- that the fire-breathing character of this dragon burnt through intergovernmental consultation every reference to the usefulness and necessity of a federal Europe based on a true constitution of, by and for the people,
- that the Treaty of Lisbon rose from those ashes in 2009, a treaty with such a large number of systemic errors – driven by national interests – that it is leading the EU to its downfall and is thus the worst legal document ever written in the history of Europe;
- that, 20 years after the failed Convention of 2001-2003, the EU has once again realised that the cracks in the Treaty’s foundations have become more numerous and wider, but that it has not learned anything from everything that has been done wrong since 1800 – and especially since 1945 – to achieve the goal of a united Europe,
- that the EU’s lack of learning capacity – after a one-year delay caused by Covid – has led it to launch a new Conference on the Future of Europe in May 2021,
- that the aim is to repair the systemic errors of the Lisbon Treaty and related treaties by strengthening the treaty system,
- that, once again, the absence of elementary knowledge of systems theory will cause this Conference to end in chaos or no decision made,
- that a number of European federalist movements, with the doctrinaire stubbornness of a sect, support the persistence of that treaty approach,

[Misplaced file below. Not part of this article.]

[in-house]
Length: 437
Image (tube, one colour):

- that since 1946 those movements have assumed that with treaties, and with their repeated adjustments, a constitution for a federal Europe will automatically emerge,
- that after seventy years of adapting the system of treaties, a federal constitution has still not come into being and therefore the realization has still not dawned that by persisting with working with treaties, a constitution can never come into being,
- that because of the treaty anarchy of some EU member states that deny the authority of the EU and refuse to comply with treaty obligations, the EU is already in a crisis, partly due to its increasingly weak geopolitical position,
- that this crisis has not just one but several aspects, such as humanitarian (unable to solve the migration issue), security (unable to guarantee Europe’s own security), economic (unable to base the Eurozone and the Euro on a solid foundation, without monetary financing), sustainable (unable to achieve the climate objectives), health (unable to control a pandemic),
- that the EU has therefore slowly but surely entered an identity crisis,